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Be Proactive When Combatting Tanning Bed Misinformation on Social Media


Influencers promote the use of tanning beds and list the “benefits,” such as obtaining vitamin D and helping with seasonal affective disorder, among other reasons that have no merit.

Tanning bed and warning sign | Image credit: pit-fall - stock.adobe.com

Credit: pit-fall/AdobeStock

As dermatology practitioners, providing education at the clinic is natural. Unfortunately, we have quickly realized that more outreach is needed. With social media advancing at an alarming speed in daily life, it is time we start pivoting our education to be inclusive outside the clinic. A good example of social media’s reach is its influence on our younger generations who are born into the electronic age and can access information quickly. With platforms such as TikTok, Instagram, and others, misinformation is rampant, spread by so-called "influencers” who have no education about dermatology.

It took years of misinformation exposure to subject our Gen Alpha to using skin care products not recommended for their skin type, leading to damaged barriers, increased dermatology office visits, and frustrated parents. This mishap of people following the wrong advice is why creating education beyond the clinic is more important now than ever.

Being on social media daily, I see the rampant skin care misinformation disseminated as I scroll through content. Though many dermatology providers have taken to social media, the views, comments, and engagement on science-backed facts are going by the wayside as popular influencers are reaching thousands to millions of followers with dangerous misinformation. A continued exposure of the same message turns into a belief without the appropriate evidence pointing out otherwise.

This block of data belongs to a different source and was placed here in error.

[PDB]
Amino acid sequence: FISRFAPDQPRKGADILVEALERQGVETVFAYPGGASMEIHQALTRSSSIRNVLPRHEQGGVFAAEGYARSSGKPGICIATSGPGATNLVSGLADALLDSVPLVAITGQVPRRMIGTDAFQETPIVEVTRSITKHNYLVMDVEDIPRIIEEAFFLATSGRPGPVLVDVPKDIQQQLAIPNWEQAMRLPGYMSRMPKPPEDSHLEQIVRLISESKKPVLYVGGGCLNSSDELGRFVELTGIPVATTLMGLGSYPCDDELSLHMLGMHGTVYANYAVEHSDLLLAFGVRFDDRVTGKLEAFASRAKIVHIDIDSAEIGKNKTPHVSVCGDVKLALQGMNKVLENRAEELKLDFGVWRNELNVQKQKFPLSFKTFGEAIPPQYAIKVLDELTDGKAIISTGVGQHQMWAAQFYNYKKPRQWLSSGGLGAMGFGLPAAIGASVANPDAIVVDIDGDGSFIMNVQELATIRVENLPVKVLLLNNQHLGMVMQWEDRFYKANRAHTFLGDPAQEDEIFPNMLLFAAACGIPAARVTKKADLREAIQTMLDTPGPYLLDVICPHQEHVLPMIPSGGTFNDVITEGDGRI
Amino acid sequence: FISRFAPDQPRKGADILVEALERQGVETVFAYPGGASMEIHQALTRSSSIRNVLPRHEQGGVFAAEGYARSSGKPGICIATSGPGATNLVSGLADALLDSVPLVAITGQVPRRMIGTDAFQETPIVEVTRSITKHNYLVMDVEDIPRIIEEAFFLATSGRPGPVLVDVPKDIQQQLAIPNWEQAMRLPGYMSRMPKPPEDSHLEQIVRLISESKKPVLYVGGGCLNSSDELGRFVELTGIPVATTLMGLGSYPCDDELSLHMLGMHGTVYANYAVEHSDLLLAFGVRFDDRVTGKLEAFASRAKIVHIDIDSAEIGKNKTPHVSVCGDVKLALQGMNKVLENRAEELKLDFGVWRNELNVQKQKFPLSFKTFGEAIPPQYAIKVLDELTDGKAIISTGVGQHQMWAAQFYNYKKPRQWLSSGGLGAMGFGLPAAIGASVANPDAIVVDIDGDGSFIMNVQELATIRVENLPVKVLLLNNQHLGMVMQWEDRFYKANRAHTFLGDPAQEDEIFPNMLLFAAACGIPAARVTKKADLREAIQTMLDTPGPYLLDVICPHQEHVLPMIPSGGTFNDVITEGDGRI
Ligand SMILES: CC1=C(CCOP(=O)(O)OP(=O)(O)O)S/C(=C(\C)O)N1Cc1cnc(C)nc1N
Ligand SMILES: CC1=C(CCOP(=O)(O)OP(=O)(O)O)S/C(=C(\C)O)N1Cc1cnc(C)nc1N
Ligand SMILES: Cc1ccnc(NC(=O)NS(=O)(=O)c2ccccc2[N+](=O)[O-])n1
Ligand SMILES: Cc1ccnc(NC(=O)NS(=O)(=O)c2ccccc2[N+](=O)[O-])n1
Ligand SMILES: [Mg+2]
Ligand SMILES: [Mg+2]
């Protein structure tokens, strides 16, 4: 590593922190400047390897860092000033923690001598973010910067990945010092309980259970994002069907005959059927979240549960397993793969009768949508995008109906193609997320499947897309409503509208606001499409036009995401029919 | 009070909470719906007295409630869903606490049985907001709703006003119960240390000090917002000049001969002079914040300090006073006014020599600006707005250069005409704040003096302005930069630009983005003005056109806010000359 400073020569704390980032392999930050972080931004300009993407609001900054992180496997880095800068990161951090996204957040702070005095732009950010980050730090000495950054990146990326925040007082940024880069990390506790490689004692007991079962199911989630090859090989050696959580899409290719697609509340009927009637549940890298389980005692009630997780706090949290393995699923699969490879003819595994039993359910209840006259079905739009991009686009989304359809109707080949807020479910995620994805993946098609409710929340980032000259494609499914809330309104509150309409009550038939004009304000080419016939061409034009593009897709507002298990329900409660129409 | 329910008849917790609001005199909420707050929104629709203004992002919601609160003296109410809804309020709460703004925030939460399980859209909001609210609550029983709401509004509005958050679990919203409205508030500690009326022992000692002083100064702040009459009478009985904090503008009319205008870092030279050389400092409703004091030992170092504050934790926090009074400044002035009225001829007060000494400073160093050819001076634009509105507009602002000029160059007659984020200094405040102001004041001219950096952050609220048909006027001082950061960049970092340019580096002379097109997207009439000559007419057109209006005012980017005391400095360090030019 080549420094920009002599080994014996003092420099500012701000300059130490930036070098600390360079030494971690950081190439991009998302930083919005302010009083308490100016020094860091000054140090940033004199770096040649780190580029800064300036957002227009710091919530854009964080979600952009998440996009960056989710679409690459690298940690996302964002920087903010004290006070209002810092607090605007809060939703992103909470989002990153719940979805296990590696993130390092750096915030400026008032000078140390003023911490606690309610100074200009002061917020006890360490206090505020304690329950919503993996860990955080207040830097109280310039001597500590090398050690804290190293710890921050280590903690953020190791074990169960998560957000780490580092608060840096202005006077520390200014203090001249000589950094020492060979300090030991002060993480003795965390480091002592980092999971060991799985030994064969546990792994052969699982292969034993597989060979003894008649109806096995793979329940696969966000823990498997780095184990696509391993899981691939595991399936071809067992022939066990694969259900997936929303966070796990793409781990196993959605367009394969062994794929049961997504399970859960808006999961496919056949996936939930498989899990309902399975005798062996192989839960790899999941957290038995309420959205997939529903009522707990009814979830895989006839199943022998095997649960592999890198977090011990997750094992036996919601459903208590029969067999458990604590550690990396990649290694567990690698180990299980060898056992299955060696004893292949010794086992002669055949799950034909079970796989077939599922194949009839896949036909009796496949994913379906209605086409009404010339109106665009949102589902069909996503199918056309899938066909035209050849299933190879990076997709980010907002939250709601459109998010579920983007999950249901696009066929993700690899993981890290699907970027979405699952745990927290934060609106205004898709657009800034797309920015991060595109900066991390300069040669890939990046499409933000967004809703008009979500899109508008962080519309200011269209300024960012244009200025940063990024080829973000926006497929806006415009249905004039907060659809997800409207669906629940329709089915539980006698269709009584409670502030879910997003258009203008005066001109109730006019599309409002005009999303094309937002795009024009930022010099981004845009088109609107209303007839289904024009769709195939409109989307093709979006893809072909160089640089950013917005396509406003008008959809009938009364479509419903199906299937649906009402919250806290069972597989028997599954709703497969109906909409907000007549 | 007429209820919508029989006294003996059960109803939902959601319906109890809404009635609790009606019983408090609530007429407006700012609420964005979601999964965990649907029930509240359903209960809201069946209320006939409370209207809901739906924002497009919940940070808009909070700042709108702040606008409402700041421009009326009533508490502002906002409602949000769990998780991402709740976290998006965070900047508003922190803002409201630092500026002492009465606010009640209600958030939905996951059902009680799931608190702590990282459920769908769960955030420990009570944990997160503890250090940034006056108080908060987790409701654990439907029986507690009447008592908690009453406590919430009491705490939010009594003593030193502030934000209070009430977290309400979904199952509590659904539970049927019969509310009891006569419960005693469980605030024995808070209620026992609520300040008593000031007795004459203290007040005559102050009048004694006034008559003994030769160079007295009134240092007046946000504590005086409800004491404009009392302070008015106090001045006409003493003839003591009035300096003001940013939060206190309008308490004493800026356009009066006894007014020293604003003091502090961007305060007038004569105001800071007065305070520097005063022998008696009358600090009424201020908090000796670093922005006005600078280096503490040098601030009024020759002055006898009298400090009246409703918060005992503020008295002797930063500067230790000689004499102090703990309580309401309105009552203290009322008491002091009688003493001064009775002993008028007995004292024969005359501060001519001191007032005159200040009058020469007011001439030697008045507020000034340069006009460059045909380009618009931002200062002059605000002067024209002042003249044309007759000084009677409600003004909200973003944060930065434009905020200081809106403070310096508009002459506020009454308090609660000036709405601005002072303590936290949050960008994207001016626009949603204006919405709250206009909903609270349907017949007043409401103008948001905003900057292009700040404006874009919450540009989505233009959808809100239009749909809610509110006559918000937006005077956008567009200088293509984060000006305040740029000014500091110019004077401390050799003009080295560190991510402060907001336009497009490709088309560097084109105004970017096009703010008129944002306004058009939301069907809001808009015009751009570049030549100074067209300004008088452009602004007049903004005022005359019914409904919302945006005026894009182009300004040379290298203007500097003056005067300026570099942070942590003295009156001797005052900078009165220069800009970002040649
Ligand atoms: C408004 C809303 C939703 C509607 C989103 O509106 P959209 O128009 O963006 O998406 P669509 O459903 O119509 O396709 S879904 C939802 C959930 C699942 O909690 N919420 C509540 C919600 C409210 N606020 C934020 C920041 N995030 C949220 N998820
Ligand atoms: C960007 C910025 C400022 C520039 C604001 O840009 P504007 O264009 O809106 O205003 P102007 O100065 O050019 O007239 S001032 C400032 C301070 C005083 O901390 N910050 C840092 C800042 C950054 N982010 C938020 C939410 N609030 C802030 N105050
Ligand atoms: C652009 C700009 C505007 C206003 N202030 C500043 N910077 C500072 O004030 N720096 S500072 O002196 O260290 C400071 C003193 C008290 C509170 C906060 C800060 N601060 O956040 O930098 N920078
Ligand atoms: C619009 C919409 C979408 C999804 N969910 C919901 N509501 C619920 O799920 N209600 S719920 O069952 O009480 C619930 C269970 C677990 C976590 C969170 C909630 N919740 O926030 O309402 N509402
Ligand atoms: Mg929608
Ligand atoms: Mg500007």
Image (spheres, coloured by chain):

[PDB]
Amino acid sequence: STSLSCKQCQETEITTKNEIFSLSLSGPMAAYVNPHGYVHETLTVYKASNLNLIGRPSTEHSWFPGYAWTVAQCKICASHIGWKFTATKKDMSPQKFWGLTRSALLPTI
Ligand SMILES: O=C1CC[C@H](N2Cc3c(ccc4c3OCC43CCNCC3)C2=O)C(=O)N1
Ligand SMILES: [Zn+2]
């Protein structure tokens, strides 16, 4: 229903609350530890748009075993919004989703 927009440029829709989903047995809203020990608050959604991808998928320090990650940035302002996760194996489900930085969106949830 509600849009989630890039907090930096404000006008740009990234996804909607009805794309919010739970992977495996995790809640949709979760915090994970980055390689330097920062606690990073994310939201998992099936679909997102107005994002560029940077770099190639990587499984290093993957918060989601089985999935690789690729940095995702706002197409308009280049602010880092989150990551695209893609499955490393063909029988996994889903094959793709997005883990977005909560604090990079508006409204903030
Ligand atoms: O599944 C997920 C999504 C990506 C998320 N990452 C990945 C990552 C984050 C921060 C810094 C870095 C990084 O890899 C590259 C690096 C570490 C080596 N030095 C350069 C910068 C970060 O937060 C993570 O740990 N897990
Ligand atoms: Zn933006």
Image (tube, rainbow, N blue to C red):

One of the many concerns trending and gaining momentum is using tanning beds, with the message that they are not dangerous but actually "good for us." Influencers promote the use of tanning beds and list the “benefits,” such as obtaining vitamin D and helping with seasonal affective disorder (SAD), among other reasons that have no merit and shouldn't be followed. These posts do not examine the risks vs. benefits ratio of UV exposure or the significant proven dangers of using a tanning bed. Natural sunlight is part of our daily existence, and exposure is inevitable. Still, credible education is critical to safety while benefiting from its exposure or using safer modalities such as diet, supplements, and safe light boxes that remove damaging UV rays. This topic often comes up in the clinic and is clarified with research-based evidence.

We know sunlight produces vitamin D and helps with SAD, but we shouldn't ignore that the risk of UV exposure outweighs obtaining these benefits. Nonetheless, tanning beds emit 3 times more UV exposure than natural sunlight and are mostly UVA, known to produce DNA damage if used chronically. Exposure to natural UV light without adequate protection can increase one's risk of developing skin cancer, and promoting tanning beds is even more dangerous and can lead the public to false beliefs.